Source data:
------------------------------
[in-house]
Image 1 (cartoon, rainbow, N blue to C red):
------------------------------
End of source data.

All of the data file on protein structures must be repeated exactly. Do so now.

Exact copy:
[in-house]
Image 1 (cartoon, rainbow, N blue to C red):